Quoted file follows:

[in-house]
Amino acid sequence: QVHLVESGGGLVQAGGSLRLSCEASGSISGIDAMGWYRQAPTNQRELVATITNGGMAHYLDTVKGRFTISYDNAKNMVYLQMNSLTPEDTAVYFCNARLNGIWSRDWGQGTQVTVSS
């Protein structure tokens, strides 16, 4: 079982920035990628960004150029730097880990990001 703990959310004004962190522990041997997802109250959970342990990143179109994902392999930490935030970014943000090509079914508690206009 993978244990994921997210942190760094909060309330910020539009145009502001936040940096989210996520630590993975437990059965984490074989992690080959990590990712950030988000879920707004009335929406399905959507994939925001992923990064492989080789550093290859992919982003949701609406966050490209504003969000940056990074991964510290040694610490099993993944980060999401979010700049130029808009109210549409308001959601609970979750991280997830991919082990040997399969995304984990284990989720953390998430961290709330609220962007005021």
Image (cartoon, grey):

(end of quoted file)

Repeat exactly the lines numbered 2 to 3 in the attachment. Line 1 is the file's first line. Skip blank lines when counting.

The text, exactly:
Amino acid sequence: QVHLVESGGGLVQAGGSLRLSCEASGSISGIDAMGWYRQAPTNQRELVATITNGGMAHYLDTVKGRFTISYDNAKNMVYLQMNSLTPEDTAVYFCNARLNGIWSRDWGQGTQVTVSS
């Protein structure tokens, strides 16, 4: 079982920035990628960004150029730097880990990001 703990959310004004962190522990041997997802109250959970342990990143179109994902392999930490935030970014943000090509079914508690206009 993978244990994921997210942190760094909060309330910020539009145009502001936040940096989210996520630590993975437990059965984490074989992690080959990590990712950030988000879920707004009335929406399905959507994939925001992923990064492989080789550093290859992919982003949701609406966050490209504003969000940056990074991964510290040694610490099993993944980060999401979010700049130029808009109210549409308001959601609970979750991280997830991919082990040997399969995304984990284990989720953390998430961290709330609220962007005021």